Who knew a painting could cause so much controversy?
The episode begins with Mike delivering a press briefing. Selina will soon be hosting her first state visit to the Prime Minister of Israel and preparation is underway. As the Vice President’s staff watches, they can’t help but notice that Mike has dyed his moustache. Teddy calls it vanity. Mike calls it Tangerine Dream. I’m personally not a fan of either.
At the conference, one journalist notes that President Meyer is serving her 33rd day in office, officially meaning she has outlived William Henry Harrison. You know, the war hero who gave his oath of office in the cold and without much protection. He died of pneumonia soon after that.
In the Roosevelt Room, Team Selina plans to allow Selina to have time to speak on her Families First bill. However, there’s a concern regarding some of the White House artwork, particularly a piece of art that Ben refers to as The Man Who Shits Triangles. Now that’s a funny name. Oh, and you know who happens to be absent from this campaign strategy session?
The campaign manager, Amy, who is stuck in traffic with Richard. She does keep in touch with the team by texting Dan and letting him know that she’s a latté. Easy mistake to make. She tries virtually calling into the meeting, but the connection is shit. Commendable effort on Amy’s part, but not the smartest of ideas.
However, we do get a freeze frame of her surprised face when she manages to hear that Selina is bringing in Bill Ericsson because she needs a steady hand….it’s a funny face.
Kent, after asking Catherine to leave the room, brings up a matter of national security: Everybody Hates Catherine. I mean, not everybody, but Kent ran a poll and the results show that the First Daughter has a low likability index. Selina is initially upset that Kent would run a poll on her daughter’s popularity…but then she sees the numbers. They stink. No one wants to break the news to Catherine, but Kent has a knack for this, so he decides to take the task. I’d say that’s taking one for the team, but this can’t really be that difficult of a task.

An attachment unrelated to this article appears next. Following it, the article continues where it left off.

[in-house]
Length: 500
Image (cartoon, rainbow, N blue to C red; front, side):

Then Gary enters and tells everyone that it’s a special day- Ben’s birthday. There’s no cake, though. I mean, there is, but Gary has the chefs move it away just when they’re close to the room.
Elsewhere, Teddy managed to do Jonah a solid. On his advice, the Vice President will ask Jonah to be in the Families First talks with Dan. So though Jonah is elated that Teddy made his day and possibly ruined Jonah’s, his day may have possibly been ruined when Teddy gives him another scrotum tap. Sorry, several taps.
Gary takes it upon himself to plan for the upcoming dinner, and the cost matters not to him. While preparing, he gets a surprise visit from his favorite White House social secretary, Patty, played by Michaela Watkins. All these orders, though, are coming from his group, not necessarily Selina, and that includes swapping out the painting.
Amy finally arrives and is unable to have an audience with Selina at the moment, but she does have a run-in with Bill Ericsson. He now has a very specific title, but a wide brief: eliminate weaknesses. He’s the new Director of Communications. Oh, and he bids Amy a friendly hello, but in an unfriendly way. Hello.
So Selina has a very brief Press Spray with the Prime Minister of Israel, Mike and Jim let Selina know about that removed crazy triangles looking piece of artwork: turns out it was the only work of an art by a Native American artist in the building. Now what are the odds of that? Native Americans are taking it as a slight. Selina tells them to have Ericsson deliver a statement that the painting was removed to be cleaned.
Per the random staffer who no one knows, Selina also receives some points of departure for the possible agreements on the scale-down of blockades. This staffer technically does have a name, but she just hasn’t been identified yet. As of now, everyone still doesn’t know who the hell she is.
Kent breaks the news to Catherine that America doesn’t like her. Well, there’s a perception that she’s unlikable, anyway. Kent suggests changing the narrative so Catherine’s frown can turn into the inverse of a frown. You know, like a smile. Customary shortcuts to public affirmation are military service or childbirth, but Catherine won’t go with either of those.